Make Peace, Not War

By: Ashleigh Viveiros
Garden Valley Collegiate
Winkler, MB

We truly are a lucky generation. Those few who are too young to have ever truly experienced a war that affected the way we live our lives. There are exceptions, like the wars that break out overseas that our armies send peacekeepers to. Or the Gulf War, which in our lives took place at a time when many of us were only 7 or 8. A time when images of war on a television screen are nothing more than an adult preoccupation.


No, most of our generation (in this continent) has not been affected by a war. We might be the first in a very long time. Many of our parents were alive during Vietnam--some may have even fought in it--their parents before them were alive and fought in WWII, and their parents might have seen the First World War.

My History class recently covered WWI, and it started me thinking. We have all been taught how awful war is, yet as the years pass and we grow up almost untouched by it, we seem to lose our perspective of it. We tend to forget how awful it is until we see its images and legacies immortalized forever in the frame of a picture or newsreel. Pictures that revolt us and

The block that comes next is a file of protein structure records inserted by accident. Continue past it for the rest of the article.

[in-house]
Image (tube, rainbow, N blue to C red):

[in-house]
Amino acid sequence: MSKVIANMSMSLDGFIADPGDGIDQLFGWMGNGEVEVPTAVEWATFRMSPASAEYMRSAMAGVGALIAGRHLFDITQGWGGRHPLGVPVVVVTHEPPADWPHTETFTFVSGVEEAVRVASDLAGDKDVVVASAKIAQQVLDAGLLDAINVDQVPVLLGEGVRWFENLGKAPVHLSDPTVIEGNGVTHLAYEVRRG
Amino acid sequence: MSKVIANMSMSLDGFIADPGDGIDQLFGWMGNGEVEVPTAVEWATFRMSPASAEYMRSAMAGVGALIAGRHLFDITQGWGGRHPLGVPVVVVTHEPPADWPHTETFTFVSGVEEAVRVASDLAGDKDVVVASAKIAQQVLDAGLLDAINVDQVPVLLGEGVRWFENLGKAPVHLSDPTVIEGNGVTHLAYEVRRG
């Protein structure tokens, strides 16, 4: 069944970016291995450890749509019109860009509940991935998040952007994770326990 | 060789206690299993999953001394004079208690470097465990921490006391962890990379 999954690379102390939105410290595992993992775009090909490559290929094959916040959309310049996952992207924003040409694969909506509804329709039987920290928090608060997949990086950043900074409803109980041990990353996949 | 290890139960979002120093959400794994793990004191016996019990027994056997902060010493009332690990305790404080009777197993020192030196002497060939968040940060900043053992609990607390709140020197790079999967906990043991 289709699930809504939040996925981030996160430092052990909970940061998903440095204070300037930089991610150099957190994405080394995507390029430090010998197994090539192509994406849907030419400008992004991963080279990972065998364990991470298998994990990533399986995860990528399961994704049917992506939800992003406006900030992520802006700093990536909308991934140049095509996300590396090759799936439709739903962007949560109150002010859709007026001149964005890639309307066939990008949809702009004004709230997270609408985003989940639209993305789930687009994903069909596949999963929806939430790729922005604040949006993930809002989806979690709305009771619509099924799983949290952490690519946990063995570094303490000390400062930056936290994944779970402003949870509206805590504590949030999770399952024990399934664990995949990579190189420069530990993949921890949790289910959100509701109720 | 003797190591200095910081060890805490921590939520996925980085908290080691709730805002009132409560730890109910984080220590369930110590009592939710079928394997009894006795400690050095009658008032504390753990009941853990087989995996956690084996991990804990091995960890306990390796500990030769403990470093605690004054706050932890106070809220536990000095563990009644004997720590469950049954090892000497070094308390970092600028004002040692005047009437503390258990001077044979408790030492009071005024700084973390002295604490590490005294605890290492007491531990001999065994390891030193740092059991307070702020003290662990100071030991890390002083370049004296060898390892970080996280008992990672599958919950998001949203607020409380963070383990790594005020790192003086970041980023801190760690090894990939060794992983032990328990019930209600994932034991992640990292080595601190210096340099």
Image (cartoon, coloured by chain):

yet, somehow, at the same time fill us with a sense of fascination for all the destruction we are capable of inflicting.

To some, Remembrance Day isn't much more than a day off from school. The horror of the World Wars sometimes becomes forgotten with the passing of time. For many of us it was so long ago that it seems like another world entirely. To our parents and our grandparents it is a time to remember loved ones who died for their country, for our freedom. To us, we never knew the people who died, they are nothing more than history, and so, Remembrance Day seems to get a little less important every year. In some places stores are now allowed to open on this day. Ten, twenty years from now, it may not even be remembered at all.

I once heard that all the nuclear power in the world combined has the ability to destroy the Earth several times over! Isn't that amazing? Will we really need to do it again six more times after the first? Somehow I think that once would be enough. It would be almost funny if it wasn't so scary.

Einstein was once asked the question that if we were ever to fight a Third World war, how would a war after that be fought? He answered by saying that the Fourth World war could only be fought using stones and sticks, because a Third World war would reduce mankind back to the Stone Age.

They do say that "history repeat itself." It makes you think, doesn't it?